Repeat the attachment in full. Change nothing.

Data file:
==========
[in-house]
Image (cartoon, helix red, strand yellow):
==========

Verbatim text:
[in-house]
Image (cartoon, helix red, strand yellow):